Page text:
Lenovo ThinkPad T495 with Ryzen 5 Pro is slower than Core i5 ThinkPad T490 in initial benchmarks
Lenovo has released the AMD counterpart to the ThinkPad T490 we reviewed a couple of weeks ago. The new ThinkPad T495 is the successor to the ThinkPad A485, but the manufacturer discontinues the ThinkPad A-series in 2019 and integrates the AMD models into its usual line-up instead. Our test sample carries the designation ThinkPad T495-20NKS01Y00 and is available for just 999 Euros as a Campus model for students and teachers. It is equipped with the AMD Ryzen 5 Pro 3500U including RX Vega 8 iGPU, 512 GB SSD storage, and 16 GB RAM. We already performed some benchmarks and the results are quite interesting, especially compared to the ThinkPad E495 with the consumer Ryzen 5 3500U.
One note upfront: Contrary to the ThinkPad E-series (E490 & E495), the T490 and T495 are completely identical in terms of the case or the case materials, respectively.
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The TDP configuration of the new ThinkPad T495 is identical to the ThinkPad T490 in general. The processor can consume up to 30W for short periods and up to 25W for sustained workloads. We can see this exact behavior during the Cinebench Multi test. The time with more than 25W differs for each benchmark run, which explains the small differences in the first four iterations of our Cinebench loop. 25W is enough for 4x ~2.8-2.9 GHz on our model. This means the performance of the Ryzen 5 Pro in the T495 is slower than the Intel T490, both with the Core i7-8565U as well as the Core i5-8265U. Compared to the old ThinkPad A485, we can see a performance increase of ~15%.
We are still a bit disappointed by the results, especially compared to the results of the ThinkPad E495 with the consumer version of the Ryzen 5 3500U. The lower score of the ThinkPad T495 has two reasons. First of all, it looks like the quality of the two chips differs. Without any additional comparison devices, we cannot say whether we have a good model of the Ryzen 5 or a bad model of the Ryzen 5 Pro. Both our samples are standard retail units though. This variation can happen to any customer, and this is also the case for Intel chips in general.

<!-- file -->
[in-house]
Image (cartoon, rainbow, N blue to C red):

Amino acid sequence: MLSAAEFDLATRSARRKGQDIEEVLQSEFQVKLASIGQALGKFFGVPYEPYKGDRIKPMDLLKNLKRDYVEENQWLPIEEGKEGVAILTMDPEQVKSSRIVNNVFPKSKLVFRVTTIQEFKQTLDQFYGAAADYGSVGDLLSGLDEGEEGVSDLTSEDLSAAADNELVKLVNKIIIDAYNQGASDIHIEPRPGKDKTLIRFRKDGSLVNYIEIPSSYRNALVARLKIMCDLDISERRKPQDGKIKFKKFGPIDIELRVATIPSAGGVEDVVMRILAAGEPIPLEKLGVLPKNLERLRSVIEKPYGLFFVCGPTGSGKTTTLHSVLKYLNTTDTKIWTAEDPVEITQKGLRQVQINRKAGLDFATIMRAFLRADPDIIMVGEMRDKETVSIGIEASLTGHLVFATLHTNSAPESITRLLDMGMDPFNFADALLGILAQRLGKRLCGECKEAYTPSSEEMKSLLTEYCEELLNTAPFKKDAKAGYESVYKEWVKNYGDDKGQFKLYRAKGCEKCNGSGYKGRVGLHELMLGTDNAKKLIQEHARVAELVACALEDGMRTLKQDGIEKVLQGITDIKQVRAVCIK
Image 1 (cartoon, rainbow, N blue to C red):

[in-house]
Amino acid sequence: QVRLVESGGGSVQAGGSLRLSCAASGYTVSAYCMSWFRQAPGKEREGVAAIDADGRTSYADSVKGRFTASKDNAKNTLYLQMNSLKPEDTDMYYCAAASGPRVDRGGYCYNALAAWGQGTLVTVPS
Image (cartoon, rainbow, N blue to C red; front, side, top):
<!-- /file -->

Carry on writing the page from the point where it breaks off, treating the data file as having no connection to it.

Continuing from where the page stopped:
The Ryzen 5 3500U in the ThinkPad E495 runs at 4x 3.0-3.1 GHz at 25W, but the Ryzen 5 Pro 3500U in the T495 "only" at 4x ~2.8 GHz. There is also a difference in respect to the TDP configuration between the two systems. In addition to the limits for short-term and long-term power consumption, AMD uses another limit with the somewhat cryptic acronym STAPM, which stands for Skin Temperature Aware Power Management. This limit is supposed to make sure the surfaces do not get too warm. You can basically think of it as an empty glass, which slowly fills up under load. This value is set at 22W for the T495. This STAPM value is increasing until it reaches the limit of 22W (which is the case after the fourth iteration of CB R15 Multi here). Once the value reaches the 22W, it will limit the actual consumption of the CPU to 22W. The ThinkPad E495 also has the STAPM limit, but it is set to 25W and therefore identical to to the long-term TDP limit. This explains why there is no performance drop during the CB loop.
We will ask Lenovo why the limit is lower on the ThinkPad T495 compared to the less expensive ThinkPad E495, so stay tuned.
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